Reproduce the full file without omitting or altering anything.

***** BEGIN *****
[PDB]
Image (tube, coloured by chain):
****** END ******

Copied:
[PDB]
Image (tube, coloured by chain):